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Aside from answering your personal phone, are there any other situations where it is considered appropriate to use алло when greeting someone?

I'm assuming that because алло wasn't even mentioned in any of the answers to the question When is it more appropriate to use здравствуйте rather than привет? that it's a very informal way of greeting someone.

If this is not as informal as I'm thinking it is, would saying алло be considered a professional way to answer a phone call (e.g. answering a customer's call to a business)? Or, would this be similar to an in-person greeting where something like Здравствуйте should be used instead?

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  • There i a trend betwenn not so well educated people : when you call them, they don't say "алло", but don't speak until you say it. Which of course is against etiquette and stresses me a lot.
    – petajamaja
    Jun 7 '13 at 17:14
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As Anixx already mentioned, "алло" is a ping-phrase. So it can be used when you are using any other phone-like communication device (e.g. entry phone = домофон) and you are not sure if anyone can hear you.

Алло can also be used when you are not using the phone, but still wish to check if anyone can hear you. However this is informal and sometimes may be considered rude.

For example, you want to buy a ticket to a theatre. You came to the cashdesk, but though the window is open, there is nobody inside. You are waiting for a several minutes, but still nobody came back. Finally you start 'pinging': Есть здесь кто нибудь? Отзовитесь!. Still there is no answer. Алё, меня кто-нибудь слышит?!

Another example. You are visiting some institution with Soviet traditions (post office, bank, etc.). You came to the cashdesk, and though the cashier is there, she is talking to her colleague or a friend (it is very uncommon to see 'he' there). You understand that she is discussing details of her private life (how she spent the weekends etc.) and do not pay attantion to you. You start with 'Девушка...', she still talks to colleague. After other attempts to bring her attantion you start to say 'Алё, меня кто-нибудь слышит?'. But be prepared to hear an aswer like: 'Мужчина, вы что не видите что у нас обед?'.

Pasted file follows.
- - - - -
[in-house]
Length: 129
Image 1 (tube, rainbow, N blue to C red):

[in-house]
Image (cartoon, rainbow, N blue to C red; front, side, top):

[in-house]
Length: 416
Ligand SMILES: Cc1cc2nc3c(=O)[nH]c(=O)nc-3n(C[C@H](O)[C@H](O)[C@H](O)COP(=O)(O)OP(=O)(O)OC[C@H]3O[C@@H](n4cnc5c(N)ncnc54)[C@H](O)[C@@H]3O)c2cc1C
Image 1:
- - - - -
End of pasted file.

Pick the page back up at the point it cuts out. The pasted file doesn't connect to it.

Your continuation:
Also this word can be used when you are trying to say that your opponent is insane, like "У вас все дома? Алё?".

However (I don't remember if I heard it myself, but it is also shown in movies or cartoons) very old people may use 'Алё' (as a synonym to 'can anybody hear me') without any rudeness or insult.

So, as a bottom line, in Russian 'Алло' has no any connection to 'hello'.


Examples of usage from National Russian Corpus. 5 out of first 40 matches are showing usage of 'Алё' when people are not talking by phone. It is interesting that in most cases 'Алё' is used almost identically as 'эй!':

Булат Окуджава. Искусство кроийки и шитья (1985):

― Але, ― сказал Сысоев случайному прохожему, ― тут, кажись, колоночка должна быть?

Вдруг послышались торопливые шаги, и из-за угла вынырнул мужчина. ― Але, ― радостно сказал Сысоев, ― погоди, дорогой… Увидев нас, мужчина отскочил в сторону.

Мужчина выпил и вдруг заплакал. ― Але, ― сказал Сысоев, ― что это ты? ― Письмо ему написать хочу, ― сказал мужчина, ― чтоб разобрался во всем…

Сергей Довлатов. Заповедник (1983):

Затем приоткрыл дверь и скомандовал: ― Алё! Раздолбай Иваныч!

Затем сказал как можно более внушительно: ― Алё, кузен, пожалуйста, без рук! Я давно собираюсь конструктивно обсудить тему брака.

Александр Солженицын. В круге первом (1968):

Алё! ― коротко окликнул прораб, ― и женщина перестала мыть и посторонилась, давая дорогу на одного и не поднимая лица от ведра с тряпкой.

Алексей Слаповский. Синдром Феникса (2006):

Смотри, милиция заинтересуется, в самом деле! Але, гражданин, проснись! Бомж проснулся, сел, протер глаза, увидел Татьяну и обрадовался

Афанасий Мамедов, Исаак Милькин. Самому себе (2003):

Где подобрали и все такое… Але, дед, понял меня? ― обратился бригадир к Семенычу: тот, видимо, показался ему хитрее и несговорчивее меня.


It seems to me that the use of "алё" instead of "эй" goes from phrase "Алё, гараж!" (I found several examples of its usage: